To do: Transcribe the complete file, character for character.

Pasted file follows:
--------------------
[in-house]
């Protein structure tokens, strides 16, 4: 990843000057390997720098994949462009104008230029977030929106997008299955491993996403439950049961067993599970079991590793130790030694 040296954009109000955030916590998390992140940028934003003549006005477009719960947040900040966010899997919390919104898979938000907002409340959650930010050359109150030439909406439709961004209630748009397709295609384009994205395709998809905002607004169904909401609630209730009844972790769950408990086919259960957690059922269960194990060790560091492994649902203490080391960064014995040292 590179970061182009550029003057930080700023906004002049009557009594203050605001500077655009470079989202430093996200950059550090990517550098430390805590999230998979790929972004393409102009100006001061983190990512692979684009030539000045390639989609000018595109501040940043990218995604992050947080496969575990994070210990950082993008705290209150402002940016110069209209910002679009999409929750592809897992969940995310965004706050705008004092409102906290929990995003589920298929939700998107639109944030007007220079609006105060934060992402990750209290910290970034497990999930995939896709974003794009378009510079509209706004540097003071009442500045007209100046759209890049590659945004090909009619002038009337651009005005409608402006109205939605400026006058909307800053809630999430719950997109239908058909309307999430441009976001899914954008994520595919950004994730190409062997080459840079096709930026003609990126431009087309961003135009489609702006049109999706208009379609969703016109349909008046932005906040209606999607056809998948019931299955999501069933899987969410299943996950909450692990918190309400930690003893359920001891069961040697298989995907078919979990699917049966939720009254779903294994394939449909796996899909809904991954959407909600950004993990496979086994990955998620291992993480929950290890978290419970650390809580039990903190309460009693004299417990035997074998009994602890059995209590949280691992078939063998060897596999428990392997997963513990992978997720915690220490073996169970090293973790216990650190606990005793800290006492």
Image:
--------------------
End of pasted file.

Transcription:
[in-house]
């Protein structure tokens, strides 16, 4: 990843000057390997720098994949462009104008230029977030929106997008299955491993996403439950049961067993599970079991590793130790030694 040296954009109000955030916590998390992140940028934003003549006005477009719960947040900040966010899997919390919104898979938000907002409340959650930010050359109150030439909406439709961004209630748009397709295609384009994205395709998809905002607004169904909401609630209730009844972790769950408990086919259960957690059922269960194990060790560091492994649902203490080391960064014995040292 590179970061182009550029003057930080700023906004002049009557009594203050605001500077655009470079989202430093996200950059550090990517550098430390805590999230998979790929972004393409102009100006001061983190990512692979684009030539000045390639989609000018595109501040940043990218995604992050947080496969575990994070210990950082993008705290209150402002940016110069209209910002679009999409929750592809897992969940995310965004706050705008004092409102906290929990995003589920298929939700998107639109944030007007220079609006105060934060992402990750209290910290970034497990999930995939896709974003794009378009510079509209706004540097003071009442500045007209100046759209890049590659945004090909009619002038009337651009005005409608402006109205939605400026006058909307800053809630999430719950997109239908058909309307999430441009976001899914954008994520595919950004994730190409062997080459840079096709930026003609990126431009087309961003135009489609702006049109999706208009379609969703016109349909008046932005906040209606999607056809998948019931299955999501069933899987969410299943996950909450692990918190309400930690003893359920001891069961040697298989995907078919979990699917049966939720009254779903294994394939449909796996899909809904991954959407909600950004993990496979086994990955998620291992993480929950290890978290419970650390809580039990903190309460009693004299417990035997074998009994602890059995209590949280691992078939063998060897596999428990392997997963513990992978997720915690220490073996169970090293973790216990650190606990005793800290006492």
Image: